Control of Flowering Using Night-Interruption and Day-Extension LED Lighting



Flowering of photoperiodic plants is regulated by the duration of the continuous night (dark) period during each 24-h period. When the natural photoperiod is short, longer days (shorter nights) may be desired by commercial growers of ornamentals and other specialty crops to promote flowering of long-day plants or inhibit flowering of short-day plants. To create short nights, electric lighting can extend the daylength (day extension, DE) or interrupt the night (night interruption, NI). Conventional lamps such as incandescent (INC), halide, and compact fluorescent (CFL) can serve this purpose, but they are energy inefficient, have a short life span, and/or emit photons at wavelengths that have little or no effect on regulating flowering. Recent advancements in solid-state lighting enable horticultural applications including regulation of flowering, especially in (semi-) controlled environments. Light-emitting diodes (LEDs) with customized spectra suitable for control of flowering are at least as effective as conventional lamps, last longer, and are more energy efficient. Narrowband radiation from LEDs facilitates research on the role of specific wavelengths in mediating flowering and plant morphology, which are important in commercial production of many specialty crops produced in controlled environments. In addition, applied lighting research helps elucidate how photoreceptors, such as phytochromes and cryptochromes, mediate these physiological processes in plants. LEDs will increasingly replace conventional lamps to regulate flowering of commercial photoperiodic crops as their energy efficiency increases and manufacturing costs decrease.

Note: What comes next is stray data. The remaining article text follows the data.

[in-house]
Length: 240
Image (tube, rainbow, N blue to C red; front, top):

Cryptochrome Far-red radiation Long-day plants Photoperiod Phytochrome Regulation of flowering Short-day plants 


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Copyright information

© Springer Science+Business Media Singapore 2016

Authors and Affiliations

  1. 1.Department of HorticultureMichigan State UniversityEast LansingUSA

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